A MUM who spent 31 hours on a trolley at Worcestershire Royal Hospital has called the staff who treated her "superheroes" and called for more to be done to support them as they struggle to meet demand.

Helen Burton, 33, was at the hospital for an operation to treat an abscess on the top of her leg but what should have been a simple 10-minute procedure turned into a nightmare as there were no free beds.

Speaking of her ordeal, the mum-of-two said: "My treatment should have been a simple procedure but unfortunately the NHS was unable to provide that.

"On Monday, I was transferred here and placed amongst countless others in an overflow corridor on a trolley which I was on continuously for 31 hours.

"At one point we were in an overflow for the overflow area, whilst others were being treated in ambulances."

Despite her ordeal, Miss Burton thanked the staff at the hospital for the efforts, calling for more support for NHS workers.

She said: "The staff that cared for me have been outstanding, dedicated and nothing short of superheroes.

"Over the last 48 hours alone I've seen doctors, nurses and the rest of the team battling to serve in overcrowded conditions with minimal resources.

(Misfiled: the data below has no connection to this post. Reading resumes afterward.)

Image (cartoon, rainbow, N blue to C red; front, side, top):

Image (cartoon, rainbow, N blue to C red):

"And I know that's a tiny snippet of what must be really going on. NHS staff need a voice. They want better care for their patients.

"I get to go home, whilst dedicated NHS staff choose every day to come here and serve."

"I'll be writing to PALS (patient advice and liaison service) and to anyone else I think effective, but I want to thank each and every person who gets up and works in these conditions; keeping everything going for the people that need it, whilst being failed by the people who should be governing."

Miss Burton, from Alvechurch, has since been discharged and is at home recovering with her family.

Matthew Hopkins, chief executive of Worcestershire Acute Hospitals NHS Trust said: “In common with many Trusts locally and nationally, we continue to face very high levels of demand for all our services and in particular urgent care services.

“Despite our best efforts, this does mean that patients are having to wait longer to be seen and admitted than we would wish. Any delay in a patient’s care is deeply regrettable and we apologise to anyone who has faced longer waits for diagnosis or treatment as a result.

“We are continuing to work with our partners in other local NHS organisations and the council to make sure all the health and care facilities in the county are being used to best effect.

"This is to ensure that patients can be offered suitable alternatives to ED where possible, and also to ensure that any patients in our hospitals who are medically fit can be discharged in a safe and timely manner to free up beds.

“While we are unable to comment on the details of individual cases, we would welcome the opportunity to discuss the individuals care, and would encourage them to get in touch with their concerns.”